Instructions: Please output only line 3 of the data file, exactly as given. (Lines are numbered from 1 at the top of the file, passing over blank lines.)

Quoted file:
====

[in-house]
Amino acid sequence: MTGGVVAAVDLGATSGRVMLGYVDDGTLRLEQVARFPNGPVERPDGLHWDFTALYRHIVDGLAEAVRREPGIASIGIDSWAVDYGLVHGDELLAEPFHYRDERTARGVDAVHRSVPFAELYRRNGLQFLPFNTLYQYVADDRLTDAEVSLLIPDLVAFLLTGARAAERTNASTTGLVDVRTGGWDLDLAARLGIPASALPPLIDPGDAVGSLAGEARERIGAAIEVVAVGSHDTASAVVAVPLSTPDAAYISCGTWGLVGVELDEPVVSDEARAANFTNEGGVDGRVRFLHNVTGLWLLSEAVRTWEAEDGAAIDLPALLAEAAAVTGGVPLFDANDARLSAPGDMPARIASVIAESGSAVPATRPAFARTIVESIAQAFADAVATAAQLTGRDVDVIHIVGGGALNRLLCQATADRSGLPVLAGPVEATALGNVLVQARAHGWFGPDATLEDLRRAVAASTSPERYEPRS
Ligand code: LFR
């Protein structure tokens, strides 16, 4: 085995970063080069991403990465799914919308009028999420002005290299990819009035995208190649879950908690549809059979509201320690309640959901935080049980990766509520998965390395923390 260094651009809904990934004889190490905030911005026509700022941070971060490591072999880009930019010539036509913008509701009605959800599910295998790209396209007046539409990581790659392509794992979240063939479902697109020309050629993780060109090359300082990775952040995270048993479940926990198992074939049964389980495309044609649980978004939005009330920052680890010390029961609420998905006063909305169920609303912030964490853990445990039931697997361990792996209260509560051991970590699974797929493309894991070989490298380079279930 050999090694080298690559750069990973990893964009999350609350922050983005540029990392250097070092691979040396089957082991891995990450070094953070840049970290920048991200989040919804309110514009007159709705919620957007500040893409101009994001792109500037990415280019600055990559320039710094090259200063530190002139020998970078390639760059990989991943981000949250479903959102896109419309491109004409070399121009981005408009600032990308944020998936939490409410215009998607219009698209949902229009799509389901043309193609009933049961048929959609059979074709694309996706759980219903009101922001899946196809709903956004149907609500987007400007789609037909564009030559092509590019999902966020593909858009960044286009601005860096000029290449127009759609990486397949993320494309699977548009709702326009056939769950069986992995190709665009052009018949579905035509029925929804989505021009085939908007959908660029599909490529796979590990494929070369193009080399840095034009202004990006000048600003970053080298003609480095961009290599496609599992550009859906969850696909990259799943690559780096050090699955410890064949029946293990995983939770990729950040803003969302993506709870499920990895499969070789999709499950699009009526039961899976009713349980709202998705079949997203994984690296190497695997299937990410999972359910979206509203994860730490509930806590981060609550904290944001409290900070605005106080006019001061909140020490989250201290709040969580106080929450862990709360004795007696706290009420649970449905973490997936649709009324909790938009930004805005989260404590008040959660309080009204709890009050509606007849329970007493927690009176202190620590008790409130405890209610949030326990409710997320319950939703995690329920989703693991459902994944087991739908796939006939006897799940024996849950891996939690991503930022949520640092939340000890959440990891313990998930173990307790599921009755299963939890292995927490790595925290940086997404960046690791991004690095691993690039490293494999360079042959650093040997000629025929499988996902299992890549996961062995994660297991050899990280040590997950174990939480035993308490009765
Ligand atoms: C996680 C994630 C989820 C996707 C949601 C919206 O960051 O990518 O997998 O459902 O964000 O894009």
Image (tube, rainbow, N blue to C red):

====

Ligand code: LFR